Beowulf is one of the many epic poems that have influenced storytelling over the centuries.  Yet with its Scandinavian pagan oral roots and Christian authorship it is also a melding of two traditions that seem at odds yet together still create a power tale.  Unlike some high school or college course force students to read the Old England or so-so translated excerpts from the poem, Seamus Heaney’s book gives the reader something that will keep their attention and greatly entertain.

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text 2017-11-15 14:50
No sequel?!
Flesheaters and Bloodsuckers Anonymous - H.C. Hammond

 

That was a fun little romp about a vampire getting caught feeding and thrown in jail.

The feds show up and offer an undercover deal.

Join a group therapy to try to become 'normal' again and find out what happens to the 'graduates' or starve to death in jail and/or be toasted.

Enough gore for those so minded, but I don't think enough to gross too many readers out.

 

But what happened to the slug?

 

What do you mean 3?!

and it ends.

and I can't find a book 2.

Rude, I tell you, RUDE!

 

 

 

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url 2017-10-06 00:22
InD'tale Book Review of Incognito

Bouquets and Brickbats for Incognito by InD'tale.

Source: www.indtale.com/reviews/suspense-thriller/incognito
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review 2017-09-29 23:14
Gilgamesh: A New English Version
Gilgamesh: A New English Version - Stephen Mitchell,Anonymous

Almost 4800 years after his reign in the city of Uruk, Gilgamesh is still remembered not only in his native land but now around the world even though his native language is long forgotten.  In Stephen Mitchell’s English verse translation of Gilgamesh, the story of the demigod’s calming friendship with Enkidu and his quest to avoid his mortality.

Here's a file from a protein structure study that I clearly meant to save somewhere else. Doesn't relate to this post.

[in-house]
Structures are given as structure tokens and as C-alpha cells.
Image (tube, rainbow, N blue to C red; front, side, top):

The tale of Gilgamesh is not just about the king of Uruk, it is the tale of Enkidu and his civilizing by Shamhat, the friendship between Enkidu and Gilgamesh as well as their adventures, and finally the death of Enkidu that sends Gilgamesh in his vain search to stop death by asking the one man whom the gods made immortal.  Yet while several aspects of Gilgamesh are similar to later tales of Greek and Germanic origin, there are clear differences as well especially when it comes to Gilgamesh expressing his fear in the face of very dangers and ends with accepting his own mortality in the end.

 

Unfortunately, the story of Gilgamesh that we have is not as complete as it was 4000 years ago.  Several sections are fragmentary which Mitchell had to work around to make the book read well and keeping true to the narrative; in this he did a wonderful job.  Yet, in a book that has around 300 pages only 123 covers the epic itself which while not dishonest is surprising about how short the tale is and how much analysis Mitchell provides the reader before and notes after.

 

Gilgamesh: A New English Version is a fantastic book both in the tale of the heroic demigod king and the translation done by Stephen Mitchell.